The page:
There is an island situated in one of the three vast oceans of the world, an island which is actually a peak of a huge mountain, lying on the ocean floor like a sleeping dragon with only two scales of its humped back poking through the surface of the sea. Two, because near the island is another, smaller one, further east, which has all the qualities of the larger yet is different, like an echo. A man and his wife, some of the islanders call them, although their appointed names are Ergo Island (the larger) and Impossible Island (the smaller). They were formed long ago, before the beginning of time, by the power of the dragon, bursting out of the ocean with fire and ash and steam, affecting a quarter of the planet, causing tsunamis and black skies. But now they are merely two islands, the only comma and full stop for miles and miles in the blank blue page of the sea. To look at them, you would never guess the power of the dragon below, for they seem inconsequential, out of the way of the main shipping lines, in the way of the gales that roll in from Antarctica. Although the islands are made mostly of black volcanic rock, Ergo has an apron of settled sediment which is fertile, and on which people and their animals have come to live with the seabirds and seals and penguins.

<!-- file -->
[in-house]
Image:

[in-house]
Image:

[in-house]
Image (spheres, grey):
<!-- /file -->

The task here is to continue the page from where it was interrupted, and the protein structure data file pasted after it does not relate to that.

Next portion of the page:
Amongst them was a young girl, born on the island one winter’s day while the spindrift wind sang strange songs around the cliffs. Her body had thus far been immersed in the music of her mother, the shush of the sea of her, the thrum of the blood drum of her, the tinkle and resonance of her belly embrace. She’d grown from a full stop to a comma, from a tadpole to a frog to a fish, the plates of her face slowly colliding to form her features. She’d put on flesh and hair and pushed out frontal lobes, preparing to leave the sea behind, to drag herself out of her mother’s belly onto dry land.